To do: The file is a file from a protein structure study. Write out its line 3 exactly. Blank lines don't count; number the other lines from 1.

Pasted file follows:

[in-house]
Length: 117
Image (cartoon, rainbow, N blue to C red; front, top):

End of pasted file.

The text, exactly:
Image (cartoon, rainbow, N blue to C red; front, top):